Dark and cold is indeed also the appropriate motto for the new single by London based DJ/producer (-is there actually any producer that’s not a DJ out there somewhere?-) Philth, and according to the credo of Neurofunk to go we’re dealing with some hot and fast stuff. The two tracks Cold (feat. Dubz-D) and The Dragon live off the adventures of their fuzzy basses that remind a little of Frankee’s debut on ProgRam, but are way more down-to-earth and thankfully omit all fancy extravaganza in favour of some nice and tasty dirt and a delicious soufflé of overtones and fruitful breaks. So although Cold suffers a little from minor monotony, the whole EP is quite as sticky as its basses, and especially The Dragon offers a fine opportunity to catch the fire of this fabulous creature.
Philth – Cold (ft. Dubz-D) / The Dragon (Flexout Audio) – http://soundcloud.com/philth/sets/flxa009/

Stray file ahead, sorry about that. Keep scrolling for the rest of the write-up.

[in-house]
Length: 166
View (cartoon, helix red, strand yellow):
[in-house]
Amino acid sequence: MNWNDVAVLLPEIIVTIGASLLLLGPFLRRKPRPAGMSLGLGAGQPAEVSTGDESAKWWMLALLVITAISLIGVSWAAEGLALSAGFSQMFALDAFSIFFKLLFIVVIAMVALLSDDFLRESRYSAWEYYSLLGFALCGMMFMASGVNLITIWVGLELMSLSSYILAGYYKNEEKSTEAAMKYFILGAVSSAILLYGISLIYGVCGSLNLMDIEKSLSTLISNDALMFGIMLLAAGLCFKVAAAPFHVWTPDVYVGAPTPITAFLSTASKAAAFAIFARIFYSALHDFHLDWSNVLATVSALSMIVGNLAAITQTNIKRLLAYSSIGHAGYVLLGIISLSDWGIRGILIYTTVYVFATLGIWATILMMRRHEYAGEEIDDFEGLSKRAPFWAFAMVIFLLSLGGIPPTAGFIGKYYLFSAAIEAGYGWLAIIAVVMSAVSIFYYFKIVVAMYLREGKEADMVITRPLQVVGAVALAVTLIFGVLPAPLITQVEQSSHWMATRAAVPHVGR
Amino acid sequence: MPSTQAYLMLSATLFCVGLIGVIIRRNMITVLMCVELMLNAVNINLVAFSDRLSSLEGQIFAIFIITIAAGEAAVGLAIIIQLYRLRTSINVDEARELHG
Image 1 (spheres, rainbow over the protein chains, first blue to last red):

Likewise anticipatory of the chilling months, Instant generously offers a bunch of subbass-briquettes on his new Benchmark EP: Deep and minimal, yet thanks to the crispy drum-pellets never dry of drive, the stylistically coherent but varied 4 tracks burn the floor with pleasant thermodynamic efficiency of about 36 Hertz, while cosily supplying warmth to the underbelly. Well suited for fluffy evenings around the fireplace, but not only.
Instant – Benchmark EP (Musically Tuned Records) – http://soundcloud.com/instant/sets/instant-benchmark-e-p/